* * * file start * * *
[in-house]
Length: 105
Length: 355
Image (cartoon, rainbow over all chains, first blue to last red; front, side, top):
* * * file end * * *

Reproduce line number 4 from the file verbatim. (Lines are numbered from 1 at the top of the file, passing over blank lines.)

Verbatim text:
Image (cartoon, rainbow over all chains, first blue to last red; front, side, top):